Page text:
The Saudi position is completely at odds with this argument, on the grounds that UN engagement of Iran in Syria or Iraq would legitimize Iran's regional ambitions that go beyond the borders of Iran and legitimizes the role and influence of Iran in these two Arab countries.
On this Fourth of July weekend, as the world's greatest democracy celebrates its independence, it has an opportunity to right that wrong by reversing course and supporting the Iraqi Kurds in their road to independence.
What we have called "Iraq" since the British and French carved up the old Ottoman Empire after World War I is obviously over. So why are President Barack Obama and Secretary of State John Kerry, in the midst of the unfolding Gulf War III, wasting time pretending they might save the old carcass?
In a matter of one week in the U.S. and Iran, authorities have made decisions that restrain women's right to control their bodies.
The current situation in the Middle East is proof that ignoring a wound doesn't make it go away. Over three years of neglect from the international community with regards to Syria has destabilized that nation and its neighbors.
The life of the Islamic Republic until, say, 1990, had been brutish and short. And this is how the head of the nascent body-politic became so heavily invested in an adversarial identity, so dependent on international tension and the perception of a state under siege.
Almost nobody thinks the USA can win the World Cup. And if they were eliminated tomorrow, our American team has already exceeded everybodies' expectations. But what if they did?
Before embarking on another adventure to pacify the region, the United States must understand several basic facts that seemed to have eluded the architects of the war of 2003 -- an invasion that ultimately set Iraq up for its present dilemmas.
Americans should ignore these Sirens of Death. Attempting to forcibly transform Iraq never was Washington's responsibility. Having botched the job once, U.S. policymakers should not try again. There certainly is no public support for new military adventures in Mesopotamia.
Iran is now facing serious challenges that strike at its economic and military weaknesses. In an Arab world that is less than 10-percent Shiite and distrusts non-Arabs, Persian Shiite Iran faces hostile Arab Sunni fundamentalist movements that are rising in the aftermath of the failures of the Arab Spring.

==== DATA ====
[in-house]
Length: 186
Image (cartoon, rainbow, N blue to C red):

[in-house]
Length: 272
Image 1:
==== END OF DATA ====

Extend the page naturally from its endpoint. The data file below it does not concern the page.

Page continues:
Peacemaking is among the good deeds incumbent on Muslims during the holy month of fasting and prayer. Distribution of charity and food, customary at Ramadan, is needed especially by people displaced by conflict. How, then, will Ramadan be celebrated in the countries worst affected by the latest Middle East crisis?
President Obama has promised not to send "combat troops" to Iraq, but it's hard to see how the U.S. military personnel he is sending there can avoid combat, given that they are being dropped into the middle of a civil war.
There is much talk about the unique opportunity emerging from the womb of fragmented Iraq to produce qualitatively new regional and international agreements. Some are saying that the time has come for the "grand bargain."
This year's World Cup is not just about soccer -- at least not as far as the Middle East and North Africa is concerned.
In a rare occasion, the United States and the Islamic Republic have become two odd bedfellows. The reason is that both Tehran and Washington share one common goal to serve their own national interests: a stable Iraq and keeping the oil to flow.
These fan mementos aren't of the zany variety displayed so often at the sporting event. Rather, they represent competing political persuasions regarding the Persian motherland and for what they want Iran's jerseys to signify.